A New Framework for Cybersecurity

over the past 3 years (Figure 3, bottom of page). The emergence of better-integrated detection and response tools assisted by learning AI technology seems to be reversing past increases in MTTR/MTTD. In summary, neither a lack of security controls nor a worsening of detection and response times explain the increases in cyber risk.

Figure 2: Quarterly change in premiums for cyber insurance

"Left of Bang" Cybersecurity Problems

There is strong evidence that organizations are falling behind in their efforts to ensure their security controls are up to date and working as needed. A look at how this is done today reveals why. Let’s take a look at the major tools of the trade in this area.

Figure 3: Time to identify and contain breaches.
Source: IBM Cost of Data Breach Report 2023

First, we have compliance audits. These audits are infrequent (annual, quarterly at best) and are basically paper checklists. They do not actually test if controls are working as needed. And because they are infrequent, they quickly become out of date due to the dynamic nature of IT environments. Security professionals have long known that compliance ≠ security.

The next set of tools for ensuring the effectiveness of security controls is penetration testing in various forms. These include manual or semi-automated pen tests, red team-blue team exercises, and fully automated breach and attack simulation (BAS). A primary impediment to effective testing, however, is the impact a pen test can have on a live production network. To avoid such impacts, the tests are often limited in scope and frequency. Some tests may be restricted to only lab environments. The other issue is the tests typically focus on a specific control (such as firewall, or endpoint security). This approach does not measure overall risk to the IT system. It tells you if something is not working but does not measure the potential impact (risk) of the exposure. Testing techniques in their various forms lack system-wide coverage, are scope-limited, and are often too infrequent to keep up with changing IT environments.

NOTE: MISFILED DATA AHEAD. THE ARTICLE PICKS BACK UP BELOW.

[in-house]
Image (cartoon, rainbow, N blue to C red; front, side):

The final tool in the prevention tool bag is vulnerability management and prioritization. As you can see in (Figure 4 on next page) about 25,000 new vulnerabilities are found annually.

Organizations regularly scan their endpoints, servers, network gear, and applications to find which vulnerabilities are present in their environment, and there are almost always many more identified than can be addressed. The list must be prioritized down


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